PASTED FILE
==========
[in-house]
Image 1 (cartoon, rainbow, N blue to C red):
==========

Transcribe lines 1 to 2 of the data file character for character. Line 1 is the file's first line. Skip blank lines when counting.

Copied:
[in-house]
Image 1 (cartoon, rainbow, N blue to C red):